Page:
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Buy Local: Help Pump New Zealand’s Surf Industry

The Covid-19 health crisis has taught New Zealanders a lot of things, but nothing has become clearer: we need to support local surf businesses. By supporting them we pump the vascular system of our very own New Zealand surf industry. And that reaches deep into the heart of our surf culture.

Spending locally means that manufacturing teams like this one at Surfline can survive and add value to our surf culture. From left: Hayden Chamberlain, Roger Hall, Taz (kelpie), Bryce Barton and Corbin McKenzie. Photo: Derek Morrison

There are two surf shops near our local beach. They’re tiny and light on stock, but they have the essentials when we need them. Tear a hole in our wetsuit and we can be back out there within minutes. Snap a board and they’ll have something on the rack in time for the pushing tide. That’s something of a luxury, and most of us take it for granted, but the reality is that these places are often struggling.

They’re also one of the only corners of the surf industry to pump money directly into the grassroots of the sport. They care about New Zealand surfing. They depend on it. They sponsor events, fill entry bags with prizes or offer cash, they help a promising young surfer with equipment or to travel to events. They employ locals and spend locally.

You only have to follow the money trail to see what happens. How much of the $700 you dropped on the latest rubber from a UK website actually makes it back to New Zealand? Not a single cent, other than a courier’s employment for the duration of the actual delivery. And maybe the $105-plus costs that you’ll pay on top of the $700 when customs get hold of the package on the way in. But the net worth to the New Zealand surf industry is zero.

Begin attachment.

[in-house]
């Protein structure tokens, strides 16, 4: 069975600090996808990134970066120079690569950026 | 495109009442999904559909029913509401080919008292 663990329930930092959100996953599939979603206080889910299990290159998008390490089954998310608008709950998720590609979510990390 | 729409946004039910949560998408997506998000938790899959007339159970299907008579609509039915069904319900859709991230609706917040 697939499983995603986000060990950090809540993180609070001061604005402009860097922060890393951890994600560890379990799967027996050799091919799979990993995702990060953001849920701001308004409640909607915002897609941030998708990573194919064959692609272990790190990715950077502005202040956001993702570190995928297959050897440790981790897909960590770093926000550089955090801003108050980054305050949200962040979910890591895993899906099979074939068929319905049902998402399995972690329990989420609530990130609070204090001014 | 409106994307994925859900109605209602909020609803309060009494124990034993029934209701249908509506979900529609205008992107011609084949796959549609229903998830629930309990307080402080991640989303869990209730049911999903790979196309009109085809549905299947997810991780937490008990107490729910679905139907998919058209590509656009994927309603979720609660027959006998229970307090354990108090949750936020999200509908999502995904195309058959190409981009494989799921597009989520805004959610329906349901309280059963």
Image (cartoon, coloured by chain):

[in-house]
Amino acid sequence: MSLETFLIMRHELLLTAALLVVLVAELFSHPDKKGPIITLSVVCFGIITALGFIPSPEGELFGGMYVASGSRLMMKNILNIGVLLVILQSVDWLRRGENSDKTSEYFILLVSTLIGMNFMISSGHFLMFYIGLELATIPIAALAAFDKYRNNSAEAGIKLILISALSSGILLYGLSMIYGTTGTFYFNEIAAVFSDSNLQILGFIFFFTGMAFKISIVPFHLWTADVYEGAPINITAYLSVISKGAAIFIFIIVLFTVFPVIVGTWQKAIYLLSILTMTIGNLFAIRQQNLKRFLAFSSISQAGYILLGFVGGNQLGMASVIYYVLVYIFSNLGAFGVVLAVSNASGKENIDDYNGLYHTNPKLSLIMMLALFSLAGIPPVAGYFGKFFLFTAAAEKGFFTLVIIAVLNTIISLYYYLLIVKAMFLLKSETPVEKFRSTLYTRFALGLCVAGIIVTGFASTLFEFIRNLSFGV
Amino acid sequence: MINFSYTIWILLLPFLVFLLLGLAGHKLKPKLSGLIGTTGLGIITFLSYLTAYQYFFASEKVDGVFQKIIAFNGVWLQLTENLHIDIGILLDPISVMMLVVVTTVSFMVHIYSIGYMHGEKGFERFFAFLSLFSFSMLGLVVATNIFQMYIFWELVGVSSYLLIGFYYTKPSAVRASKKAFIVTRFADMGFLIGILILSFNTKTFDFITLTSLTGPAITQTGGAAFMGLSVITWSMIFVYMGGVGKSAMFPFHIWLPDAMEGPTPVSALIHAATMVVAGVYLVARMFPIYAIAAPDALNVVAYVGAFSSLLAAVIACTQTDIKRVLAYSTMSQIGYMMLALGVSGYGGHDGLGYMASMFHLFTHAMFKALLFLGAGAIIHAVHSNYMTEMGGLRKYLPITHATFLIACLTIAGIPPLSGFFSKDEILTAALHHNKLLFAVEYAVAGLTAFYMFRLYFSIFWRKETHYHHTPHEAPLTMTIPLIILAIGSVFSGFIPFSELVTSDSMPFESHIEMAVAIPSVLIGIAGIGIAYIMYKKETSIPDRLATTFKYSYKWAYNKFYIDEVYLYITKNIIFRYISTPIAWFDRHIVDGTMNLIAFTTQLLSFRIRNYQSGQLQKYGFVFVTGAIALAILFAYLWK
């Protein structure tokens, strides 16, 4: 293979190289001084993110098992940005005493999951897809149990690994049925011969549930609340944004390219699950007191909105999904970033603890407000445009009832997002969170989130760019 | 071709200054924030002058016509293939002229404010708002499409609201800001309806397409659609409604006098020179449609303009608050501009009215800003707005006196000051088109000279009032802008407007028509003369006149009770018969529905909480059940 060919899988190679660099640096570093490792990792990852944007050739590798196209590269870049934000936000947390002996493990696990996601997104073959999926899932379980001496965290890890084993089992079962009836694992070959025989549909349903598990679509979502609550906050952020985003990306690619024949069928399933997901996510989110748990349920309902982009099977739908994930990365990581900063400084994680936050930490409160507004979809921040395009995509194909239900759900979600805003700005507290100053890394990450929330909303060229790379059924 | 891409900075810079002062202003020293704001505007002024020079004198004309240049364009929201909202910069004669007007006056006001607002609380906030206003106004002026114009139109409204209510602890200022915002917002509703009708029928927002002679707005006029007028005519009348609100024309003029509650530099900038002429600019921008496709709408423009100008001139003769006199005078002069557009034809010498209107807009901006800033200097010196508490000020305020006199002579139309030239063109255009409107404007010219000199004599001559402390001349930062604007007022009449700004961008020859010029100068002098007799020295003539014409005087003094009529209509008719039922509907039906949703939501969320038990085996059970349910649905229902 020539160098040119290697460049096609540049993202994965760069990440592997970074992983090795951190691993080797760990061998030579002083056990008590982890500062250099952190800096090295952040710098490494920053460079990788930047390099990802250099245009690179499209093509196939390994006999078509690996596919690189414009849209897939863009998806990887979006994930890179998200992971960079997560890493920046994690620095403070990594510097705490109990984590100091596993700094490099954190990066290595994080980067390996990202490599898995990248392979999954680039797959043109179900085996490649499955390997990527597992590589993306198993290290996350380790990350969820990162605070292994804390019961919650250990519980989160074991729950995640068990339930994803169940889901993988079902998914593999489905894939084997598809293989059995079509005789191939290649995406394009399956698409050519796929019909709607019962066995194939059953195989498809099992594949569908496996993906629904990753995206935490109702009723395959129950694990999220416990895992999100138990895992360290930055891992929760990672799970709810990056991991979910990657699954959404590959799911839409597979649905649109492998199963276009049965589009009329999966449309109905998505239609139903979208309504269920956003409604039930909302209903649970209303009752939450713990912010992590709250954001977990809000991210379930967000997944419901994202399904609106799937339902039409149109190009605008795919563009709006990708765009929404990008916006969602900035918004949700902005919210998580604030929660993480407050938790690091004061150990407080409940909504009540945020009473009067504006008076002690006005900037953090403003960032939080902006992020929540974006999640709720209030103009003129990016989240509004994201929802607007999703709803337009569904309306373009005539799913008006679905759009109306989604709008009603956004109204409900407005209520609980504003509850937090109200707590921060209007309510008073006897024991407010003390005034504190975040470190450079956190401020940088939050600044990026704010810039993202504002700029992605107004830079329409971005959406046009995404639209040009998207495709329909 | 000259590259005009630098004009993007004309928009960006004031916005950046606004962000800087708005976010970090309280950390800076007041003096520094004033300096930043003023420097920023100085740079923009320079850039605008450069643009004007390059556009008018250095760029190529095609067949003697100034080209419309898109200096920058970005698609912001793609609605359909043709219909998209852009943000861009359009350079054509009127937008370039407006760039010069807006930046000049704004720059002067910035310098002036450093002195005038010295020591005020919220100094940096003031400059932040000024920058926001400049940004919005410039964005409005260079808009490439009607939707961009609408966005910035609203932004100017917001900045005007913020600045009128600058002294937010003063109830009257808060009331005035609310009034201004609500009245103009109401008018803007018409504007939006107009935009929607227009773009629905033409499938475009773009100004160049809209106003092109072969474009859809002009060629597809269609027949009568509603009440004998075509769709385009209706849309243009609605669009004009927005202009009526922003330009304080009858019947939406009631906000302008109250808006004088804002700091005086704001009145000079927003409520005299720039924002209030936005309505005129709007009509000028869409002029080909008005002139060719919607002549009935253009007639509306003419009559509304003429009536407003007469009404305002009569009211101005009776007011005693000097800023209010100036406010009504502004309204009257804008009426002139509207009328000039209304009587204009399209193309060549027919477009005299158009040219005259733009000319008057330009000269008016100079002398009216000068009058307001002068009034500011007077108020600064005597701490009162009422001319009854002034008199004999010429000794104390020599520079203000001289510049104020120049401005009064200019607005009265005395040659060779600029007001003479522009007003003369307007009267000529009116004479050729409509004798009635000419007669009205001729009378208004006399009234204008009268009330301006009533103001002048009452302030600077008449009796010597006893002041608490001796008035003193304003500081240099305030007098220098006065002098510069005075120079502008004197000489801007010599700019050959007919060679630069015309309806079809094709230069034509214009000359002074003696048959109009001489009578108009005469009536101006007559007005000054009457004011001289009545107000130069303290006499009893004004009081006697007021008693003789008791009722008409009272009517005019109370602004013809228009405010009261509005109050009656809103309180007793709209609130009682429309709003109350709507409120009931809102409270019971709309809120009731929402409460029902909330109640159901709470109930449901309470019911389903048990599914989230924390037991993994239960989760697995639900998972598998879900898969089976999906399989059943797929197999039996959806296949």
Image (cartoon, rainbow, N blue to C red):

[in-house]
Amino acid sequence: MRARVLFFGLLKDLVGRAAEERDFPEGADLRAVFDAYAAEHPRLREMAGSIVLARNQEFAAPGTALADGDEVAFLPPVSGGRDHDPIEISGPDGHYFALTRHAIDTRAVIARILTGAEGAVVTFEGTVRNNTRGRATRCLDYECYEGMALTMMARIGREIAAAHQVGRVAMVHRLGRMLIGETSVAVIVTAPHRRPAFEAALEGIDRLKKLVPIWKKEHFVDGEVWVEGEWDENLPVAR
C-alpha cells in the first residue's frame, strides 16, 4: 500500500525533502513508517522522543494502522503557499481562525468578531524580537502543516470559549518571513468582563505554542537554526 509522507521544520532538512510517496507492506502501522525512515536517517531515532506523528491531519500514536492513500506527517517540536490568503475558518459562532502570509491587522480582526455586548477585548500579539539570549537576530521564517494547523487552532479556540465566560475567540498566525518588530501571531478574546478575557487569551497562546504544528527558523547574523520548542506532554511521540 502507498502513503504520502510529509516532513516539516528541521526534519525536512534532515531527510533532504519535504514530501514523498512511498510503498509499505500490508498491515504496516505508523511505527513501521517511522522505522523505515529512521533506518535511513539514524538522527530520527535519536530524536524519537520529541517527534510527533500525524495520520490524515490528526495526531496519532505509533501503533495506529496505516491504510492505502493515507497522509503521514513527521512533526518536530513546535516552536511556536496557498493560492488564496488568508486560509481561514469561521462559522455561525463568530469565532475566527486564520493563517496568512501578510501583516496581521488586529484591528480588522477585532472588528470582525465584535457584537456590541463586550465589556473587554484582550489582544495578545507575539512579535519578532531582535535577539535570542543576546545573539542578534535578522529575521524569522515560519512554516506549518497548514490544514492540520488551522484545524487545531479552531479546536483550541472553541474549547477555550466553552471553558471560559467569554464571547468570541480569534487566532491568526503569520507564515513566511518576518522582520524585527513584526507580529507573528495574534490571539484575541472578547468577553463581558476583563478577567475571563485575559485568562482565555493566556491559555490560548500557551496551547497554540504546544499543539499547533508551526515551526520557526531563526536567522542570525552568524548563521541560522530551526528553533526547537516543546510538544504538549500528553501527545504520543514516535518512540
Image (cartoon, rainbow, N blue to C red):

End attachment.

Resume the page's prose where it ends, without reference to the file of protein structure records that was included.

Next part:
Graham Carse at Quarry Beach Surf Shop, Dunedin, New Zealand. Photo: Derek Morrison

Conversely, if you buy online from the surf shop at your local beach, then your local surf shop is getting close to half of that same $700. That keeps their lights on, pays their New Zealand taxes and pays staff. Most importantly, it allows that surf shop to sponsor a local surfer, hire locals and support local boardriders clubs, media and events. Their investment in these things is critical to pumping the vascular system of our surf industry with lifeblood. It invigorates surfing and brings everything up a level in excitement and possibility.

Right now, in New Zealand, that lifeblood is a trickle. But it doesn’t have to be that way. It might cost you slightly more if you’re lucky enough to skip the customs fees and GST, but in the long run surfing in New Zealand suffers. International surf shops really don’t care or even know about a comp in Kaikoura, or some kid from Sumner who’s just won a national title at 14. They really couldn’t care less. But your local surf shop does. Even the small number of surf chain stores we have in New Zealand employ locals and give back to the sport through sponsorships and various ways.

Surfboard shaper Andy Jordan (56), of Jordan Surfboards, at his factory in Tyne Street, Mount Maunganui. Photo: Derek Morrison

And it matters when you buy a surfboard, too. Money spent with a New Zealand shaper or board manufacturer trickles directly into sponsorships of surfers, events and support of local surf media. We’ve been fortunate to spend a lot of time with many of our local shapers throughout the country and there is not a single one who doesn’t give back to the sport in their local area or nationally in some way.

International marketing has certainly positioned some international brands as being ahead of the technology curve, but the smoke and mirrors nature of marketing can be misleading. In fact New Zealand surfboard shapers are among the very best in the world. Some of that is because of our links into high-performance racing yacht technology and the rest is because of our Kiwi-attitude to innovate.